John Kasich explains opposition to admitting Syrian refugees

Story highlights

  • Kasich called for creating a safe zone for refugees in Syria
  • "We just have to be very careful for our friends, our neighbors and our country," Kasich said

Washington (CNN)Republican presidential candidate John Kasich said Tuesday that he opposes allowing refugees fleeing the war in Syria because he does not believe the U.S. can adequately screen them But he left the door open to accepting refugees in the future.

Speaking at the National Press Club in Washington, Kasich instead called for creating a safe zone for refugees in Syria that the U.S. and local allies would protect. And he expressed his position in the same way he said he explained it to his daughter the night before.
"You know we understand these people are in trouble, but think about putting somebody on our street or in our town or in our country doing us harm," Kasich said. "We just have to be very careful for our friends, our neighbors and our country."
    Kasich, the governor of Ohio, joined the chief executives of two dozen other states on Monday in calling on the U.S. to halt the entry of Syrian refugees in the wake of the terrorist attacks in Paris, writing to President Barack Obama that "security and safety issues cannot be adequately addressed."
    "Sometimes I'm criticized for having a big heart," Kasich said Tuesday. "I do have a big heart, but I also have a pretty good brain."
    As recently as Friday, though, Kasich said the U.S. should accept refugees it can appropriately screen for terrorist connections. But this week, Kasich said he no longer believes vetting is currently possible.
    He also appeared to join New Jersey Gov. Chris Christie, another GOP presidential contender, who said Tuesday morning that the U.S. should not even accept Syrian orphans under 5 years old.
    "Until we get a handle on where we are we need to stop. Unless we've got a rational program that we can determine who it is that's coming then it's another story. But for this point and time it's reasonable to stop," Kasich said.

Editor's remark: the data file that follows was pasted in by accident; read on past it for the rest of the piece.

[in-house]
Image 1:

Kasich also suggested that his shifted stance was tied to public opinion, explaining that while "you need to lead, but you also have to be sensitive to what people think."
    Before he was repeatedly pressed on the refugee question in a question-and-answer session, Kasich delivered a wide-ranging foreign policy speech in which he addressed the U.S.'s role in the world and criticized the Obama administration for projecting weakness on the international stage.
    Kasich, who has previously called for U.S. ground combat troops to be deployed to Syria and Iraq to fight ISIS, said Tuesday that the U.S. must take on ISIS more forcefully to avoid a greater cost down the line. He also once again called on the U.S. to invoke Article 5 of the NATO treaty in the wake of the Paris attacks, which calls on member countries to defend any ally, like France, that is attacked.
    "Are the people tired of war? Well, we all get tired of war, but at the end of the day, leaders have to rally the public to a cause that's great," Kasich said. "I don't think that you can deal with ISIS by just looking the other way."
    Kasich also stressed that the U.S. needs to do a better job of countering ISIS propaganda and described the current conflict against radical Islam as a conflict of values.